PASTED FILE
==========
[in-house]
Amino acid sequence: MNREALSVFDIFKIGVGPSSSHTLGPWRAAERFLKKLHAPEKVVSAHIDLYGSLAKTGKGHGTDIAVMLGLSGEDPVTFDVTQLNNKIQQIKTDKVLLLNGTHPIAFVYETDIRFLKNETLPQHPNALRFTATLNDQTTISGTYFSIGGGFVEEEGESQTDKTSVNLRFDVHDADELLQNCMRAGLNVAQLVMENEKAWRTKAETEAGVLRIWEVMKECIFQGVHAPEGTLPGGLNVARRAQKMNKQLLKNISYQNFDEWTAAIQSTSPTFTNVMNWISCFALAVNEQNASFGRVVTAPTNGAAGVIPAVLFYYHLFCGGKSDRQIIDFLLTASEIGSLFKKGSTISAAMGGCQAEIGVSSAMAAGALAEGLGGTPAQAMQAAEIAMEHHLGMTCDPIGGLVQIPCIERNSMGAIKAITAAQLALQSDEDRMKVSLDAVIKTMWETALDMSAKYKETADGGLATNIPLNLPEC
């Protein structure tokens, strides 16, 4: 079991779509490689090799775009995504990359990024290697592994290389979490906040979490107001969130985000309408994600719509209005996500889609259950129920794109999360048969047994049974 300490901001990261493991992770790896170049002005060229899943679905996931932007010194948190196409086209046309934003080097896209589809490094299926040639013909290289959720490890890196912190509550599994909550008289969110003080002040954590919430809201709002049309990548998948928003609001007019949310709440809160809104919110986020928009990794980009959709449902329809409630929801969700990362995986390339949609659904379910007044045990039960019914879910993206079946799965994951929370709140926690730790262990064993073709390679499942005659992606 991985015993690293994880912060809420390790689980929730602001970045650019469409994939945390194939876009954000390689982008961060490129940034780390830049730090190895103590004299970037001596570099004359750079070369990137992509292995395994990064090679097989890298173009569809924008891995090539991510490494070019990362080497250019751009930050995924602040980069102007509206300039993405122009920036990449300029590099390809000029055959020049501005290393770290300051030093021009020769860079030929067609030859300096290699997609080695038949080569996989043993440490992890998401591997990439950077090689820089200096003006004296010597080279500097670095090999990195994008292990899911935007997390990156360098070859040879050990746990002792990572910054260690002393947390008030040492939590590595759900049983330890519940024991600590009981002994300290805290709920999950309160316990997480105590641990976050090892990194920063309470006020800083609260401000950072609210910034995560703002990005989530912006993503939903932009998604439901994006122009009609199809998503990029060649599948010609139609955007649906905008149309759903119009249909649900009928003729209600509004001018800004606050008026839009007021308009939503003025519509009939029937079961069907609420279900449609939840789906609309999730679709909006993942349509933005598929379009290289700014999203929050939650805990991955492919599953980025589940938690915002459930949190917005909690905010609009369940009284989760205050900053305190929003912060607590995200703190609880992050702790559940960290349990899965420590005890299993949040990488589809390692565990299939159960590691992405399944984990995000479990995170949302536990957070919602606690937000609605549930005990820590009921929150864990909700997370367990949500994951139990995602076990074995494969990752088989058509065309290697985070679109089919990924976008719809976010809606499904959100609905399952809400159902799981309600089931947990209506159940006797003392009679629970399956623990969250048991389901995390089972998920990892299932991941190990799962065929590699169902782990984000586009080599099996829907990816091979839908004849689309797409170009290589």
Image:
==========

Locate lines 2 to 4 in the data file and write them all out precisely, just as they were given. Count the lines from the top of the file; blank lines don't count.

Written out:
Amino acid sequence: MNREALSVFDIFKIGVGPSSSHTLGPWRAAERFLKKLHAPEKVVSAHIDLYGSLAKTGKGHGTDIAVMLGLSGEDPVTFDVTQLNNKIQQIKTDKVLLLNGTHPIAFVYETDIRFLKNETLPQHPNALRFTATLNDQTTISGTYFSIGGGFVEEEGESQTDKTSVNLRFDVHDADELLQNCMRAGLNVAQLVMENEKAWRTKAETEAGVLRIWEVMKECIFQGVHAPEGTLPGGLNVARRAQKMNKQLLKNISYQNFDEWTAAIQSTSPTFTNVMNWISCFALAVNEQNASFGRVVTAPTNGAAGVIPAVLFYYHLFCGGKSDRQIIDFLLTASEIGSLFKKGSTISAAMGGCQAEIGVSSAMAAGALAEGLGGTPAQAMQAAEIAMEHHLGMTCDPIGGLVQIPCIERNSMGAIKAITAAQLALQSDEDRMKVSLDAVIKTMWETALDMSAKYKETADGGLATNIPLNLPEC
């Protein structure tokens, strides 16, 4: 079991779509490689090799775009995504990359990024290697592994290389979490906040979490107001969130985000309408994600719509209005996500889609259950129920794109999360048969047994049974 300490901001990261493991992770790896170049002005060229899943679905996931932007010194948190196409086209046309934003080097896209589809490094299926040639013909290289959720490890890196912190509550599994909550008289969110003080002040954590919430809201709002049309990548998948928003609001007019949310709440809160809104919110986020928009990794980009959709449902329809409630929801969700990362995986390339949609659904379910007044045990039960019914879910993206079946799965994951929370709140926690730790262990064993073709390679499942005659992606 991985015993690293994880912060809420390790689980929730602001970045650019469409994939945390194939876009954000390689982008961060490129940034780390830049730090190895103590004299970037001596570099004359750079070369990137992509292995395994990064090679097989890298173009569809924008891995090539991510490494070019990362080497250019751009930050995924602040980069102007509206300039993405122009920036990449300029590099390809000029055959020049501005290393770290300051030093021009020769860079030929067609030859300096290699997609080695038949080569996989043993440490992890998401591997990439950077090689820089200096003006004296010597080279500097670095090999990195994008292990899911935007997390990156360098070859040879050990746990002792990572910054260690002393947390008030040492939590590595759900049983330890519940024991600590009981002994300290805290709920999950309160316990997480105590641990976050090892990194920063309470006020800083609260401000950072609210910034995560703002990005989530912006993503939903932009998604439901994006122009009609199809998503990029060649599948010609139609955007649906905008149309759903119009249909649900009928003729209600509004001018800004606050008026839009007021308009939503003025519509009939029937079961069907609420279900449609939840789906609309999730679709909006993942349509933005598929379009290289700014999203929050939650805990991955492919599953980025589940938690915002459930949190917005909690905010609009369940009284989760205050900053305190929003912060607590995200703190609880992050702790559940960290349990899965420590005890299993949040990488589809390692565990299939159960590691992405399944984990995000479990995170949302536990957070919602606690937000609605549930005990820590009921929150864990909700997370367990949500994951139990995602076990074995494969990752088989058509065309290697985070679109089919990924976008719809976010809606499904959100609905399952809400159902799981309600089931947990209506159940006797003392009679629970399956623990969250048991389901995390089972998920990892299932991941190990799962065929590699169902782990984000586009080599099996829907990816091979839908004849689309797409170009290589």
Image: